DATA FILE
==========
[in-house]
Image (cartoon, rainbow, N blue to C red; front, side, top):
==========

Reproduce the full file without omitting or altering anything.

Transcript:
[in-house]
Image (cartoon, rainbow, N blue to C red; front, side, top):